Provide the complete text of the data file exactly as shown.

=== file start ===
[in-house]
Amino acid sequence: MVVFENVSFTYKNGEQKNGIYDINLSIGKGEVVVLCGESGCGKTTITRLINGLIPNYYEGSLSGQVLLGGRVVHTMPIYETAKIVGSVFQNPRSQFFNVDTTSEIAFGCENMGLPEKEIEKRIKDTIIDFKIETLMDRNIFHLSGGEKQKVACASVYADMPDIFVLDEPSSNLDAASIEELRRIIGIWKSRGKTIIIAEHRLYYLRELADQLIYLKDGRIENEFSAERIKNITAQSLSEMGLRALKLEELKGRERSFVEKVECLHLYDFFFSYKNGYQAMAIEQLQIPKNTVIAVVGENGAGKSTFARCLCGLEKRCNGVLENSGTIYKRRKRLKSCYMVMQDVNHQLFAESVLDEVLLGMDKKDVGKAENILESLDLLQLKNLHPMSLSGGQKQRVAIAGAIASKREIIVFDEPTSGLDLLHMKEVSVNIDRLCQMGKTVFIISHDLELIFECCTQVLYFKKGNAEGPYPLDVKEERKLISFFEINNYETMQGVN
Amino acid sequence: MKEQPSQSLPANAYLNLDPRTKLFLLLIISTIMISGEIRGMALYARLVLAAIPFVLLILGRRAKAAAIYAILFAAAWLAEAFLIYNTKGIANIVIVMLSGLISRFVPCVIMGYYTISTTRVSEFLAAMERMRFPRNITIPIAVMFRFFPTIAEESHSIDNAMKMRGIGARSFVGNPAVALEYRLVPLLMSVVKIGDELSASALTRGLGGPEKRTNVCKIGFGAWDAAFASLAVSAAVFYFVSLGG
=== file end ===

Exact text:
[in-house]
Amino acid sequence: MVVFENVSFTYKNGEQKNGIYDINLSIGKGEVVVLCGESGCGKTTITRLINGLIPNYYEGSLSGQVLLGGRVVHTMPIYETAKIVGSVFQNPRSQFFNVDTTSEIAFGCENMGLPEKEIEKRIKDTIIDFKIETLMDRNIFHLSGGEKQKVACASVYADMPDIFVLDEPSSNLDAASIEELRRIIGIWKSRGKTIIIAEHRLYYLRELADQLIYLKDGRIENEFSAERIKNITAQSLSEMGLRALKLEELKGRERSFVEKVECLHLYDFFFSYKNGYQAMAIEQLQIPKNTVIAVVGENGAGKSTFARCLCGLEKRCNGVLENSGTIYKRRKRLKSCYMVMQDVNHQLFAESVLDEVLLGMDKKDVGKAENILESLDLLQLKNLHPMSLSGGQKQRVAIAGAIASKREIIVFDEPTSGLDLLHMKEVSVNIDRLCQMGKTVFIISHDLELIFECCTQVLYFKKGNAEGPYPLDVKEERKLISFFEINNYETMQGVN
Amino acid sequence: MKEQPSQSLPANAYLNLDPRTKLFLLLIISTIMISGEIRGMALYARLVLAAIPFVLLILGRRAKAAAIYAILFAAAWLAEAFLIYNTKGIANIVIVMLSGLISRFVPCVIMGYYTISTTRVSEFLAAMERMRFPRNITIPIAVMFRFFPTIAEESHSIDNAMKMRGIGARSFVGNPAVALEYRLVPLLMSVVKIGDELSASALTRGLGGPEKRTNVCKIGFGAWDAAFASLAVSAAVFYFVSLGG